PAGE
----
Countering fast food fad by traditional slow food, NESFAS presents a new way of life!

Tradition and an Organizational Talent

Founded in 2012, the North East Slow Food and Agrobiodiversity Society or NESFAS is an organization based in Shillong that looks at food and agricultural practices in a new way – by going back to the old ways. Traditional methods of agriculture and farming are now dying practices as much of the knowledge behind them is lost. In addition to this, NESFAS also looks at how traditional practices of weaving and sericulture can be brought back into the limelight.

The main purpose of the organization, as pointed by senior official Xavier Sunn, is to go back the traditional roots and bring about a greater understanding of culture and practices of the bygone days which were more sustainable and environment friendly. They aim to do this through the use of food.

As we have most probably read in our geography books about the Green Revolution of the 1960’s and how the use of fertilizers and modified seeds for better crop output was brought around the word. Fast forward to the 21st century, there is a greater awareness about the serious problems   in the food production process. We have become more sceptical about where our food comes from, how it is grown and what materials were used in its production. And through popular media we come to know of the serious problems that are present in the food production process.

It is along these lines that NESFAS come along and tries to bring about a change in the process by going back to the traditional practices such as the use of compost and vermiculture. These practices which have been in use since the days of the forefathers and mothers, have become lost in the larger narrative of DDT and chemical fertilizers. As these have to been known to cause several health issues, NESFAS is attempting to bring back organic farming which leads to healthier produce and adds to better food for us.

Another main motive of the organization is to bring about an awareness of practices with regard to weaving and sericulture from various rural areas of the region back into the mainstream. This is a way in which the traditional arts get preserved and a way in which they can provide employment to the youths of the region.  This is another major issue that the organization wishes to attend to. As the number of youths is ever growing, working with other initiatives to bring about cooks from the lesser known areas of the region to help in the setting up of the organizations trademark Mei Ram-ew cafes.

Good, Clean, Fair.

This is the motto of NESFAS. To provide good, clean and fair food across the region. Its an uphill battle for the organization which aims to fight the giants of fast food. Here the term fast food is in relation to crops which are grown with the help of fertilizers and other harmful substances. As the organization works with various international partners such as Slow Food International, the former has adopted the motto of the latter when it comes to its activities.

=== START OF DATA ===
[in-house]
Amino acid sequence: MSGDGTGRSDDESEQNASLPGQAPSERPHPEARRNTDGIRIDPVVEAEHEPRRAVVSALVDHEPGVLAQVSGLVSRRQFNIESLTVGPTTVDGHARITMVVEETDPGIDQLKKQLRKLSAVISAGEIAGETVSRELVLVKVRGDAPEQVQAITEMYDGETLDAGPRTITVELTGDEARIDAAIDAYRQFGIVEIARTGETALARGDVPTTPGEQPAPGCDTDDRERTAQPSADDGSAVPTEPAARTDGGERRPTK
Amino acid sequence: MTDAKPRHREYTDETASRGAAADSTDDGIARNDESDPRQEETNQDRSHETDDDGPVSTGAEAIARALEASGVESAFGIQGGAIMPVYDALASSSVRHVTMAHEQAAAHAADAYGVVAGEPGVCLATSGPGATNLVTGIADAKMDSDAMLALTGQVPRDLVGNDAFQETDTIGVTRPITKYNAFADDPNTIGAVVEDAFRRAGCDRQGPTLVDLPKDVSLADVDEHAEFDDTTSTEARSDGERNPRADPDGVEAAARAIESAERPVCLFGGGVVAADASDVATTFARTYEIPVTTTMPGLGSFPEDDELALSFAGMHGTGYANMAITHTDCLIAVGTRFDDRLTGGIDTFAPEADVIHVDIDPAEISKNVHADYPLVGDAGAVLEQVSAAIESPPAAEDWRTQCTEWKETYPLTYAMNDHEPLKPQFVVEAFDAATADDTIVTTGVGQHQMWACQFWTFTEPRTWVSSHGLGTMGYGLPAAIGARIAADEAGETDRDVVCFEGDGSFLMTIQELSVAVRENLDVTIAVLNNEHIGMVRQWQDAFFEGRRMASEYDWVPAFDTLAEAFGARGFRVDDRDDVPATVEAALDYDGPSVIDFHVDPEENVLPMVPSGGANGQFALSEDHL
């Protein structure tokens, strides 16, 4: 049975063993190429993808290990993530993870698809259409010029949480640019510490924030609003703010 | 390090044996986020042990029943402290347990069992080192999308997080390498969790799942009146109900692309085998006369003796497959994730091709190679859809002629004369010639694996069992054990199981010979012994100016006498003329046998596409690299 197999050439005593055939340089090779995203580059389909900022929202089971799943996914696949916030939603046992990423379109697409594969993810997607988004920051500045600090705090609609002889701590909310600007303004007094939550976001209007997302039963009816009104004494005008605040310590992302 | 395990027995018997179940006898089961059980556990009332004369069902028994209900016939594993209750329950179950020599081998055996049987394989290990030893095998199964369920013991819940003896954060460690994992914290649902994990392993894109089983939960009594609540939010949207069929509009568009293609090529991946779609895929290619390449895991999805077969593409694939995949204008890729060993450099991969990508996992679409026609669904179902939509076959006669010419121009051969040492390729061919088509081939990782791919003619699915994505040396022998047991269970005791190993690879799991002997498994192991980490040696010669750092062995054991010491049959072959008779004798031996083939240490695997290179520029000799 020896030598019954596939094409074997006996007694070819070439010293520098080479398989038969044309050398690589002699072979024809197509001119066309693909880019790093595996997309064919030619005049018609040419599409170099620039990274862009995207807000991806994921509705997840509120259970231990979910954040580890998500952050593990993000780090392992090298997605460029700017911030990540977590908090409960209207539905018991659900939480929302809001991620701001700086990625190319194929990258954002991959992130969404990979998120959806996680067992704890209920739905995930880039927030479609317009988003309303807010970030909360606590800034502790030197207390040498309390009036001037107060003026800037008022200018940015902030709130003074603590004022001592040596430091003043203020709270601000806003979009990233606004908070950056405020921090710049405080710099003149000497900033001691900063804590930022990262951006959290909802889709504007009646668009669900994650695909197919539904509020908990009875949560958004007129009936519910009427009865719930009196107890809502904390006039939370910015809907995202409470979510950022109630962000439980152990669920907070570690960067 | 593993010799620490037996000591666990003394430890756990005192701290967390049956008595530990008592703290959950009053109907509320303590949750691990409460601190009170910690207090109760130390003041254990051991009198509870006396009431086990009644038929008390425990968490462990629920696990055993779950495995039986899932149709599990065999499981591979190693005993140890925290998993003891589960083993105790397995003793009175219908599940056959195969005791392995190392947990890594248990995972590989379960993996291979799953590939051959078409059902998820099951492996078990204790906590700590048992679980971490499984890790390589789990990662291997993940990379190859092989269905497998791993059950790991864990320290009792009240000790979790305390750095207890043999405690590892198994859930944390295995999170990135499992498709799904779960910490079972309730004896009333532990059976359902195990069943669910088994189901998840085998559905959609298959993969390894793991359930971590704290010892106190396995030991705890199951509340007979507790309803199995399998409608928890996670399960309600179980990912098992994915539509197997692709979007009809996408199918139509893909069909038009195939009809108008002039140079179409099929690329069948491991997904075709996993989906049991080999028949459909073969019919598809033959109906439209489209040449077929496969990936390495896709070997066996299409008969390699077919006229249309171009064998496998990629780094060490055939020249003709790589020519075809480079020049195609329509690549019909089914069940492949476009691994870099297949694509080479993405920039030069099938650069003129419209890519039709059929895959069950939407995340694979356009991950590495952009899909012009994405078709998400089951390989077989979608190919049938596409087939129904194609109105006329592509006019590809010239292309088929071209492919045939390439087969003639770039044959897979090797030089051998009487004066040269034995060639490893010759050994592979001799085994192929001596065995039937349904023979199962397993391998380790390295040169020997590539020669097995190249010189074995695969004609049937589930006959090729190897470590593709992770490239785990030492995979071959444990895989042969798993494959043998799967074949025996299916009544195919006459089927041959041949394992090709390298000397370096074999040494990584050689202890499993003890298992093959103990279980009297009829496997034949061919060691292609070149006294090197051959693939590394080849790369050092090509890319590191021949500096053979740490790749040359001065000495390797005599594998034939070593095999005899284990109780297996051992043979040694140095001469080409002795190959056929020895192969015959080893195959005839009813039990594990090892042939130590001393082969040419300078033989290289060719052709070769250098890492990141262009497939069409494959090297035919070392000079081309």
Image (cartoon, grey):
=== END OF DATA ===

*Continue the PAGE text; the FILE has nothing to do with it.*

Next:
The aim is to provide GOOD – quality, flavoursome and healthy food, CLEAN – production that does not harm the environment, FAIR- accessible prices for consumers and fair conditions and pay for producers, across the region. NESFAS works along other organizations such as Indigenous Partnership for Agrobiodiversity & Food Sovereignty (IP), Rome. With such tie ups, the organization strives to make its aims a reality.

The organization conducts various activities such Mei Ram-ew Festival, which are held in villages to celebrate the unique food and various cuisines that are specific to those villages. Through such initiatives fast disappearing food items are brought to mainstream and the various practices are highlighted in the process.

Through such programmes the process of documentation of these disappearing tradition are documented for future generations. Not only documentation but preservation also takes place in dialogue and discourse with the locals and the older generations. An example of this as given by Mr Sunn, is that of the weaving practices that are indigenous the Shella area in the South of Meghalaya. With the help of the Sericulture Department, Government of Meghalaya, NESFAS was able to revive this old tradition and in the process provide employment to the youths of the area as well.

A blend of traditional practices woven into the fabric of an organization such as this will surely help the good practices of the past come back or at least cometo the mainstream. The traditional practices which were much more efficient, eco-friendly and not to mention healthy, the team at NESFAS aims to revive such methods. Efforts such as these becomes a celebration of multiplicity and the great many differences and uniqueness of each village and state in general. Kudos NESFAS!

By Julian Jyrwa for TNT- The Northeast Today News

The present article is part of an internship programme by Julian Jyrwa of Christ University, Bengaluru

Image Courtesy: 

Picture 1 : NESFAS logo (Source : Facebook)

Picture 2 : The NESFAS office (Source: Google plus)

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